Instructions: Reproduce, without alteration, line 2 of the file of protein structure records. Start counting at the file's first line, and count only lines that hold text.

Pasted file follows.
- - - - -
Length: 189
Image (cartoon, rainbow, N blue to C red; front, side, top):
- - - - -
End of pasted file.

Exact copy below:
Image (cartoon, rainbow, N blue to C red; front, side, top):